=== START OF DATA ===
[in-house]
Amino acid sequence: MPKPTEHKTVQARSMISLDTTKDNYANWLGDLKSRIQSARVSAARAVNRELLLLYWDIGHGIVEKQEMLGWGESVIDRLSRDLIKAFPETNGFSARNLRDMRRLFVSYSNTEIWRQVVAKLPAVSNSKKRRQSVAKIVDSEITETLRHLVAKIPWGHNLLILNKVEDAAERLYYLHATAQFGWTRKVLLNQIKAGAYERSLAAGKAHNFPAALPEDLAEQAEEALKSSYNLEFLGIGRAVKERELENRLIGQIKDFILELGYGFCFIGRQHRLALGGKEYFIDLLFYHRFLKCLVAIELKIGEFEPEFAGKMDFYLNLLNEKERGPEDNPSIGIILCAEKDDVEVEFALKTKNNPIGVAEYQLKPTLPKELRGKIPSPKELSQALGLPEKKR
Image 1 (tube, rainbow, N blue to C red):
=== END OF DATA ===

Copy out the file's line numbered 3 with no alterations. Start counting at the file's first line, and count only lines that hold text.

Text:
Image 1 (tube, rainbow, N blue to C red):